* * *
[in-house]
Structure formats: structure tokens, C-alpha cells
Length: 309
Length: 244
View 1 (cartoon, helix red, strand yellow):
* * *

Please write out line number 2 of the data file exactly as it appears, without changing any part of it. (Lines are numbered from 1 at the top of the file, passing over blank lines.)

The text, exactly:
Structure formats: structure tokens, C-alpha cells